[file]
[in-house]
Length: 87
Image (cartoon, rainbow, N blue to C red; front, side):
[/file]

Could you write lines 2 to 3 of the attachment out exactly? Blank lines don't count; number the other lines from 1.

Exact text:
Length: 87
Image (cartoon, rainbow, N blue to C red; front, side):